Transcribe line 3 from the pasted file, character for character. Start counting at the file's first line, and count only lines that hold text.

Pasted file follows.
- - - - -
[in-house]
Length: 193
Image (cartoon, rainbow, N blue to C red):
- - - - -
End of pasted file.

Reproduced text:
Image (cartoon, rainbow, N blue to C red):